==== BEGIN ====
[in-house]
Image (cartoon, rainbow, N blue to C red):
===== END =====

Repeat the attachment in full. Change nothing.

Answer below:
[in-house]
Image (cartoon, rainbow, N blue to C red):